After the evacuation of Gallipoli, the BRCS and ARCS shifted their operation to London, which followed the shift in the Australian troops from Egypt to France and Belgium.  The horrendous numbers of wounded and missing troops meant that the ARCS Wounded and Missing Enquiry Bureau had to put on more volunteers and more searchers to handle the tens of thousands of enquiries per year.  Australian names were added to the British searchers lists to try and make their enquiries as widely as possible.

The ARCS  made every effort to trace missing soldiers, sometimes taking years to locate a soldier who could report to them what had happened.  On 23 March 1917 Private J D Robson was killed in action in France.  Vera's response to the family was reported (1917, September 25). The Wingham Chronicle and Manning River Observer.

True to her word, the Bureau kept making enquiries about Robson, and finally in 1919 they located a man who could provide details of his death and burial.

By the date on the above response, it would appear the ARCS had tracked the respondent down to his home in Sydney.   This was but one of tens of thousands of enquiries made to the ARCS Wounded and Missing Enquiry Bureau.

In order to track down as many of the missing as possible, the Bureau began seeking out lists of Prisoners of War coming out of the International Committee of the Red Cross in Geneva, and took it as one of their roles to maintain contact with those prisoners to keep their morale up, and to send them food parcels.  One of the airmen with whom the Bureau and Vera herself corresponded was a man whom she would later marry, Captain Thomas Walter White, whose next of kin, his mother, resided in Moonee Ponds.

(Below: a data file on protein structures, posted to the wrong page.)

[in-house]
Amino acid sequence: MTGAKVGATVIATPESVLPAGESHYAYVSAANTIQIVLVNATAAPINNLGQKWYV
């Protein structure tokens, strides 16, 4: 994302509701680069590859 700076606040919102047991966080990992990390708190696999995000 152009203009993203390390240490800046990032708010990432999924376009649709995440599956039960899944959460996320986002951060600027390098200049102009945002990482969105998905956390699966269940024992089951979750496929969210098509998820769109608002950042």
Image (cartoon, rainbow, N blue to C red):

Tom White in his aircraft at Point Cook,  1915.

One of the things that made Vera peculiarly suited to the work on the Prisoner of War records was that she had studied German, in Germany, prior to the war.  She was able to understand the reports of prisoners being sent to the ICRS from Germany, and interpret for the volunteers.  This was in marked contrast to the non-German speaking Army Officers who were required to send reports to the next of kin in Australia.  The Army became greatly exercised by the fact that Vera could get her Wounded and Missing enquiries responses back to Australia before the Army could make their reports, and they wanted her to stop it. Vera was not impressed. 

Apart from the massive amount of work going on at the Bureau, Vera and her friends entertained Australian soldiers coming to London on leave, taking them to the theatre, picnics, and sight seeing tours, and entertaining them to tea in their flat.  Many of these young men later turned up in casualty lists, to their distress.